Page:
Corduroy is a wonderful book to read to a child who is learning about the world around her. It tells the tale of a toy bear in a departmental store who waits every day for someone to bring him home. When a little girl finally looks straight into his eyes and decides that that’s the bear she wants – despite the lost button on his green overalls (i.e. outward imperfection) – and eventually brings him home with her (bought with her own pocket money), it is clearly a sweet little story about loving someone for who he is, and not his appearance. She eventually sews on a button on his overalls, but not because she doesn’t love him the way he is, but so that he’d feel more comfortable.
It is also a story packed with different emotions and lets the child in on the concepts of adventure and dreams – ideas that the older preschooler would be able to relate to. The bear is sad that no one ever seemed to want a bear in green overalls, and when he realises that he has a missing button, he goes on a quest to search for his button after the departmental store is closed for the night. In this adventure of his, he expresses some of his hopes and dreams (e.g. “This must be a palace. I’ve always wanted to live in a palace”) and this continues all the way till the end of the book, where he finds a friend in the little girl, and becomes a happy, contented bear. 🙂 This is a book I’d definitely revisit when Alicia is older so that we can discuss the abstract concepts.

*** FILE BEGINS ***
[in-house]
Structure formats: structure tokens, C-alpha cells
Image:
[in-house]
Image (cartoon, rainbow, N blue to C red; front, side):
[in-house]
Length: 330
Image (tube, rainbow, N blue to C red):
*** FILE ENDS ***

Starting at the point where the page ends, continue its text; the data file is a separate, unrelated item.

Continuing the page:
Here’s sharing our Corduroy (Don Freeman) activities:
(i) dramatic play using a bear (which I dressed up to look like Corduroy) – use the bear to act out the story for the tot:
I happened to have a bear in overalls – so I sewed green felt over his denim overalls! If you are good at sewing, you can sew a bear from scratch!
Before and after:
(ii) button sorting (sounds like a super boring activity, but she was hooked on it for a long long time!)
(iii) Button snake – a common learning aid to teach tots to button and unbutton
Attach a button on one end of the ribbon and another button on the other end (or you could sew that end of the ribbon to one of the pieces of felt). I put buttons on both ends so that Alicia could have access to the felt either way. Cut out square pieces of felt (or any other shape – e.g. bear, leaves) then cut a slit (about as big as the button you are using) in the middle of each of the pieces.
(iv) Identifying the right button (matching)
a short simple activity for her to identify the matching button which she completed with ease – you could discuss shapes, colours and sizes during this activity
(v) Sewing on the missing button!
As the story ends with the little girl sewing on the button for Corduroy (as seen below),
I made this learning aid for her to learn to sew on the missing button!:
(vi) learning about patterns:
You could use the buttons to form shapes:
or teach your preschooler about patterns (and identifying which comes next – don’t use too many colours for a start) – more suitable for slightly older tots:
Other fun activities can be found from this link.
View our other literature-based learning posts if you’ve found this useful! 🙂